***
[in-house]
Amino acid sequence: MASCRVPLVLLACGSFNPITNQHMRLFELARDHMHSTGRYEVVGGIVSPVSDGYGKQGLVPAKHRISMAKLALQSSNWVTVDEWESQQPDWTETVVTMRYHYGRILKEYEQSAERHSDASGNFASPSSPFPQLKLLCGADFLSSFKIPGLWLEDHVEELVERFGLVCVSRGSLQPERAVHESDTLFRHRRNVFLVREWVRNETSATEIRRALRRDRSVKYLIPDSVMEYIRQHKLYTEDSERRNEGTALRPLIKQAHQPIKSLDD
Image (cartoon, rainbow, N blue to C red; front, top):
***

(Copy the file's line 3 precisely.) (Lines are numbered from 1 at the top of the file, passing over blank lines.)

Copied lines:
Image (cartoon, rainbow, N blue to C red; front, top):